9 things new managers need to know

Jan. 1, 2020
People may not always like or agree with your decisions, but you have to learn not to take that personally.

If you’ve recently been promoted into management, let me start by saying, congratulations. Someone obviously sees something in you and feels that you can handle the responsibilities that come with being a team leader.

As a fairly new member of the management family myself, I wanted to share some of the things that no one tells you. Hopefully, you can learn from my experience and save yourself some stress along the way.

When I found out that I was being promoted, my initial feeling was pride, like I had received a reward for a job well done. I was excited about this new opportunity and decided to dive in head first.

The second feeling I experienced was fear. How am I going to do this? I’ve never been in charge of other people before. What if I fail? I went out and bought some books about leadership and how to be a good boss. Surely, I thought, they’ll tell me everything I need to know to be both efficient and effective with my team. Not exactly. I’m not saying they weren’t helpful, but they certainly didn’t prepare me for those first few months on the job. My buddies were now my employees; my to-do list got a lot longer; and suddenly I was the one to whom everybody complained. Welcome to management.

Let me try to help you shorten your learning curve by giving you nine things I had to learn the hard way. These are not industry-specific, and they apply to new and experienced managers alike.

1.  First, be proud of your promotion, but don’t let it get to your head. You are the same person you were before you got the new title, so there’s no reason to start acting like you’re better than anybody else. Remember, it wasn’t that long ago you were right there with your fellow co-workers talking about how much better things would be if you were in charge. What makes this difficult is that some people (sometimes your closest work friends) will start treating you differently. That’s OK, but don’t let it change who you are.

2.  Keep in mind that not everyone on your team will be as excited about your new position as you are. If you were promoted from within, rest assured that there may be those on your team who believe they should have been promoted instead of you. If you were brought in from the outside, almost all of them may feel this way.

3.  Make a decision early on about what kind of manager you want to be. I made the mistake of thinking I would be the kind of boss that I would want to work for. That only works if all of your employees are just like you. They aren’t.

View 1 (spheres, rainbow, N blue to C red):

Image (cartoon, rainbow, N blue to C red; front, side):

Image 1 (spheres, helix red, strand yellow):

4.  Be clear about your expectations. It is difficult if not impossible for employees to do a good job for you if they are unclear about what constitutes a “good job.” Be very clear early on about what you need from them, how they should be doing it, and what you consider to be inappropriate behavior.

5.  Be consistent in your actions, attitude, and demeanor. It’s very frustrating to work for someone when you never know what to expect from day to day. Keep in mind, however, that no matter how consistent you are, people are unique. Two different employees may respond very differently to how you treat them; take this into consideration. Some employees will need very little instruction from you. It’s best to get out of their way and let them do a good job. Others –  especially newer employees – may need a little more guidance.

6.  Celebrate diversity and differences. Having a team that all looks alike, acts the same and thinks the same is boring. It stifles creativity and makes the workplace monotonous. Believe me, you don’t want a team of robots; it’s no fun. Enjoy the different personalities around you.

7.  Tap into your team’s collective knowledge. Figure out ways to communicate better and share information. I currently have 14 employees, but collectively we have more than 200 years of experience! No one person can know it all. Collaborate and learn from one another. I keep a sign on my desk that bears a quote from Woodrow Wilson: “We should not only use all the brains we have, but all the brains we can borrow.”

8.  Be fair, and hold people accountable. If there’s one area I wish I could wave a magic wand and be better at, it’s discipline. I have a hard time telling adults that they’ve made a mistake or that they’re not doing what they’re supposed to be doing. I realized early on, however, that by not saying anything, I hurt the rest of the team and clearly did not help the employee get better. The approach I take now is to ask questions to find out what’s going on and then address the issue. However you choose to address it, make sure you do it quickly. If you have a bunch of folks doing what they are supposed to and one who is allowed to do their own thing, it will bring the others down and ruin your credibility. Don’t let that happen, because it’s hard to get it back.

9.  When all else fails, remember the Golden Rule: Do unto others as you would have them do unto you. Treat others the way you want to be treated. If you don’t like being yelled at, don’t yell. If you like being told when you do a good job, make sure you tell others when they go over and above. And remember, nobody likes being micromanaged. Work on No. 4 above and let them do their job.

As I was putting this list together, I reflected on some of my own (mostly internal) struggles that I went through those first few months. People may not always like or agree with your decisions, and I had to learn not to take that personally.

My first idea for a headline for this post was “Holy moly, I’ve been promoted.” Don’t worry – we’ve all felt that way at some point. I hope you find something on my list that helps you in your journey. Good luck and enjoy the ride.

About the Author: Rob Clifton

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